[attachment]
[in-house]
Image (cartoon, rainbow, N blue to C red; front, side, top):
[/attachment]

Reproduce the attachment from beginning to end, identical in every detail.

[in-house]
Image (cartoon, rainbow, N blue to C red; front, side, top):